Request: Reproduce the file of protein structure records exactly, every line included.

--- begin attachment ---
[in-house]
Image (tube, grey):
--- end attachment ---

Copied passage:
[in-house]
Image (tube, grey):